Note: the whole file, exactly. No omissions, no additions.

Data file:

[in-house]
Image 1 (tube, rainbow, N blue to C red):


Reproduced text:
[in-house]
Image 1 (tube, rainbow, N blue to C red):